The glandular epithelium was also a site of Lep and LepR expression both in the Ut and Ut/Pl. An autocrine/paracrine function regulating endometrial secretory capacity and thus histiotrophe production may be likely.

In pigs, myometrial expression of Lep and LepR transcript and protein were detected both in the luteal phase of the cycle and during pregnancy [65,66]. We also found Lep and LepR in the muscle layer of the canine uterus during all pregnancy stages, and therefore it seems that they are normal constituents of the myometrium. Because in our experiments full thickness Ut and Ut/Pl tissues were used, the degree of independent contribution of the myometrium, endometrium or placental labyrinth to the detected changes in Lep and LepR gene expression levels cannot be ascertained without further compartmentalization studies. Certain tissue layers may have contributed differently at given time points over the course of gestation, according to their specific role in the endocrine and physiological events, e.g., during implantation or parturition. Furthermore, an increasing mass of the placental labyrinth with advancing pregnancy could have altered, at least to some extent, the ratio of the uterine compartments at placentation sites.

The LepR antibody used here identifies both the long and short isoforms of the receptor, which differ in their ability of signal transduction. While all transmembrane receptor isoforms can activate the tyrosine kinase Janus kinase (JAK2), only the long isoform with a full-length intracellular domain has signal transducer and activator of transcription (STAT)-binding sites and is able to activate the main signalling cascade JAK2/ STAT3. However, the short isoforms are also capable of signalling through various intracellular pathways and mediate Lep’s actions (reviewed by [74,75]). Therefore, the long and short LepR isoforms are relevant to investigate even though the long isoform is of particular interest, and studies on the expression/function of the different LepR splice variants in the dog could be planned.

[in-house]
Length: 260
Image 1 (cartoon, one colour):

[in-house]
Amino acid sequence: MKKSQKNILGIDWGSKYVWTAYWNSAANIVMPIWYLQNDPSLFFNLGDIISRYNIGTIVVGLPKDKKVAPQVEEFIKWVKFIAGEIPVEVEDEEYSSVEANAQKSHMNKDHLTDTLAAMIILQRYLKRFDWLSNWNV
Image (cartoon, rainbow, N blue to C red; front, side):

In a few animals in our study, Lep and/or LepR mRNA expression was not detected in the Ut or Ut/Pl, which might have been due to degradation of RNA, sensitivity of our assay, individual differences in expression levels or pregnancy stage.

Conclusions

The canine uterus and placenta are sources of Lep and targets of its actions during gestation. Lep and LepR are differentially expressed in these tissues over the course of pregnancy, and their presence in various cells types indicates multiple paracrine/autocrine functions. Lep and LepR are expressed both in the fetal and maternal sides of the placenta; thus, a role in placental physiology and feto-maternal cross-talk seems likely. The Lep signaling system may be one of the pathways involved in the establishment and maintenance of pregnancy, and may also play a regulatory role in parturition in the bitch.

Notes

Declarations

Acknowledgements

The authors thank Elisabeth Högger and Urs Büchler for their technical help. We are grateful to Dr. Monika Hilbe and Dr. Elisabeth Eppler for advice and discussions on immunohistochemistry.

Authors’ Affiliations

(1)
Clinic of Reproductive Medicine, Vetsuisse-Faculty, University of Zurich
(2)
Institute of Veterinary Anatomy, Vetsuisse-Faculty, University of Zurich